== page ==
It seems like whenever someone is looking for an easy or obvious way to inject RSS with mass market appeal, the answer is always to be more like social media.
But that answer is neither obvious or easy. RSS is not social media. RSS will never be a best way to publish your birthday pictures on your wall. It will never pull from your Facebook profile, get you a better Klout score, or get your photos onto Instagram.
But we do believe that the community building and information sharing that happens in social media ought be even more powerful in RSS. The question is how to translate social sharing into the RSS reader world without compromising our core values.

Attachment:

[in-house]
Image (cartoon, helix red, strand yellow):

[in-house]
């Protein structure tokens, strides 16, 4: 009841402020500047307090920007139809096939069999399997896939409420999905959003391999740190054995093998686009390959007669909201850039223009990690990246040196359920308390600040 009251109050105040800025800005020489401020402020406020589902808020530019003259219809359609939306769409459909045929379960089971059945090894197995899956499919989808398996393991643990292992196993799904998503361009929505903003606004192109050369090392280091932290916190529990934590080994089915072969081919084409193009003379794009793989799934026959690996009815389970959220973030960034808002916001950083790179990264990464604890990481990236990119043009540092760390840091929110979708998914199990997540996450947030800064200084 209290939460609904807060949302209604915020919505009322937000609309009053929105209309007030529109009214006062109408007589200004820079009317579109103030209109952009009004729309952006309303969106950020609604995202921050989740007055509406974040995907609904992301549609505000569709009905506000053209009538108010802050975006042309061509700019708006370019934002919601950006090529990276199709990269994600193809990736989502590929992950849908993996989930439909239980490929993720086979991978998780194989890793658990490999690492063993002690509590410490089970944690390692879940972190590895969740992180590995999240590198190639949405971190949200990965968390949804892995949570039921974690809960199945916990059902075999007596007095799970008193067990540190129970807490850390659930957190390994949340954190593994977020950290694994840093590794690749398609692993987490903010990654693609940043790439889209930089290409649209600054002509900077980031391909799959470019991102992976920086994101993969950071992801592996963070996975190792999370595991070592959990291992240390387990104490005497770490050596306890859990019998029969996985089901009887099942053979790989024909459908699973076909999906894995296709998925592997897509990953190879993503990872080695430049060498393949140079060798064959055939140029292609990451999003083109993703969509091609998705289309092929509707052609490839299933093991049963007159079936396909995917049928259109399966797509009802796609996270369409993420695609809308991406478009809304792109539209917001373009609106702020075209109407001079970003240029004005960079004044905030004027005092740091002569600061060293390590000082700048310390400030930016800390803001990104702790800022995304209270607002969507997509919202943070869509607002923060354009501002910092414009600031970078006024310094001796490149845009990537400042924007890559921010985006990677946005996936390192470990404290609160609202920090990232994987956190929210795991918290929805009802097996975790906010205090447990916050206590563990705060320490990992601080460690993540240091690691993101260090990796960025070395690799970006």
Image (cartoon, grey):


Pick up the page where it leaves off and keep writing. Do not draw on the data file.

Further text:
Last week I talked about why I believe RSS is the best tool for getting the content you want. Of course, there is a catch to that premise. For RSS to work, you already need to know that you want stuff from a particular site. And that obviously doesn’t work if there’s interesting stuff you don’t know exists.
I also understand that RSS can sometimes deliver too much stuff, and users can drown in information. You can get also create your own echo chamber, never discovering new content or having your horizon broadened.
Instead of mocking the more inane aspects of social media, let’s take the best parts and run with it. Our goal is to deliver stuff that’s been read, vetted, and recommended by people whose opinions you respect. Or at least people who have good taste.
We’re going to grapple with that issue of how to do that without compromising our core principles. I know there are some strong feelings out there around this issue. Let’s hear it.